When I started doing this I read everything I could find, I started stop watches to make sure it was roasting right, I had my IR thermometers out to check the temp of the beans I was ALL OVER IT. I can tell you most of that has gone away. Turns out the beans do most of the work and they really don't need your help or encouragement. There are two defining stages in roasting that will help you know where your beans are at in the roasting process, first crack and second crack. First crack sounds kinda like pop corn popping and second crack is not as distinct, or quite as predictable. So if you are roasting anything but a City Roast+ like me, look up where in the cycle to take it. I'm sure someone that has brewed coffee for a long time is going to send me hate mail over this but I pretty much always roast a city roast+ which is right after first crack-ish, So I roast until then and then I stop. And that's how complicated I choose to make it. Can you make it more complicated than that? sure... go for it. I know for a fact there are lots of other how to's out there that can help you with that. (OK truth be told I was going to just leave it at that but I started to feel guilty that I didn't include something else to guide you along a little better, then I remembered this link: (

If I'm going to keep it simple but not leave you stranded this is the site to fill the gaps! they have done a fantastic job of showing you how to tell your roast by site and have tons of more information if you desire a bit more information than what I provide along with being able to purchase a huge variety of beans.

Ok so now, the basic name of the game is, (for my roast) get it to first crack quickly, then cool it down, also quickly...

1.5. Beans in popper. (or skillet)

2. Place on burner and turn that sucker up to high, if you are using what I use... (I'm shooting for about 450F for the beans in case you desire to use a blow torch, fire pit, camp stove, or engine block... try to adjust the distance from heat source to get roughly the same result as a stove to burner.) ((sorry I feel to reiterate so much right here but the "high" setting on your camp stove is not the same as the "high" setting on your stove top, or a fire, or whatnot, so before you end up with a pile of smoking black little dots in the bottom of your pan that are permanently burnt into place, make sure you kinda have the feel for the difference between boiling water and melting steel.))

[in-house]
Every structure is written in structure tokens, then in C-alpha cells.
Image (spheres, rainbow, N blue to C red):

3. Start turning the handle and get comfortable. If you have the popper like I do, you'll be turning the handle for about 15 to 20 minutes straight so seriously, don't be bent over in some weird position. If you are stirring a skillet over a fire, make sure you aren't going to burn your hands over the coals for the next 15 minutes or try to hold a cast iron skillet by hand over a fire for 15 minutes. Hell try and do that for 2 minutes!

3.5. It usually takes about 15 minutes or so to get them to where I like them, you'll have to experiment with your roast and beans to get what you want...

4. Once they are where you want (mine are right after first crack) get them off the heat and put them in the bowl.

5. I toss them in the bowl to get as much air as I can between the beans while pretending to be the Swedish Chef form the Muppets to entertain my 5 year old. Bork Bork Bork... (a lot of you are to young for that reference I'm sure, you should look it up)

5.5. Put the base of the bowl in the ice water to cool it down if it's getting to hot to hold, just don't get the beans wet. (you don't have to do this but it can save your fingers)

Also you don't have to act like the Swedish Chef but I recommend it.

Step 4: Congrats! You Made Beans! Now Make Your Own COFFEE!

1.Ok your beans are cool to the touch, they may not be totally cool on the inside still so let the sit a while still before you grind them. (How long is a while? I have no clue, use your best judgment... If you REALLY want to grind them, a while will be a lot less time than if you are a very patient person I'm betting.)

2.Grind them to Spec. I'm sure you know that different ways of brewing have different grinds but in case you didn't, they do. If you didn't know that, go find a website to explain this to you before you move forward. Or the owners manual to your coffee making apparatus...

3. Brew and enjoy.

-- You did it! --

Final thoughts: There is so much more that can be added and if you find you like doing this I encourage you continue to learn on the subject. Coffee is the second most traded commodity in the world only second to oil, and oil suck to drink... I also encourage you to look into purchasing fair trade coffee if you can or care. Basically all it does is make sure the farmer on the other end isn't getting ripped off by the government or market. It use to be a lot more expensive but now it's not that big of a difference.

If you have any thoughts, helpful advice for the peeps, or ways I can make this better, leave me a comment or shoot me some mail. I'm always interested in improving :)

Outdoor Cooking Challenge 2016